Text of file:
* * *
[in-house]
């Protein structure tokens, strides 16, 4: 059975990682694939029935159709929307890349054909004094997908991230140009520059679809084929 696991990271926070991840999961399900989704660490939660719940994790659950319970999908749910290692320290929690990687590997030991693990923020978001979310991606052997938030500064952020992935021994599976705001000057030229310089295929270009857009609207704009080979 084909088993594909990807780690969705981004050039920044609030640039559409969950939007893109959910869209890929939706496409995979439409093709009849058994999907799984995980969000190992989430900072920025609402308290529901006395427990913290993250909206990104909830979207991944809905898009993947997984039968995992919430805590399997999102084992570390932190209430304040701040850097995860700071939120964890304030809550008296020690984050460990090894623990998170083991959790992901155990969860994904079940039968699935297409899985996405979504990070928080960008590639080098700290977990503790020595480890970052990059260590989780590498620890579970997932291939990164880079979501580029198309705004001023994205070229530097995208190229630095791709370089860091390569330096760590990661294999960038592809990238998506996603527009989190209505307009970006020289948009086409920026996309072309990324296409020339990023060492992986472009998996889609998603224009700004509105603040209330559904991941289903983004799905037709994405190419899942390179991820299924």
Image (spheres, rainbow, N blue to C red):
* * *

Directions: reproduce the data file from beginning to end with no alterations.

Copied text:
[in-house]
């Protein structure tokens, strides 16, 4: 059975990682694939029935159709929307890349054909004094997908991230140009520059679809084929 696991990271926070991840999961399900989704660490939660719940994790659950319970999908749910290692320290929690990687590997030991693990923020978001979310991606052997938030500064952020992935021994599976705001000057030229310089295929270009857009609207704009080979 084909088993594909990807780690969705981004050039920044609030640039559409969950939007893109959910869209890929939706496409995979439409093709009849058994999907799984995980969000190992989430900072920025609402308290529901006395427990913290993250909206990104909830979207991944809905898009993947997984039968995992919430805590399997999102084992570390932190209430304040701040850097995860700071939120964890304030809550008296020690984050460990090894623990998170083991959790992901155990969860994904079940039968699935297409899985996405979504990070928080960008590639080098700290977990503790020595480890970052990059260590989780590498620890579970997932291939990164880079979501580029198309705004001023994205070229530097995208190229630095791709370089860091390569330096760590990661294999960038592809990238998506996603527009989190209505307009970006020289948009086409920026996309072309990324296409020339990023060492992986472009998996889609998603224009700004509105603040209330559904991941289903983004799905037709994405190419899942390179991820299924």
Image (spheres, rainbow, N blue to C red):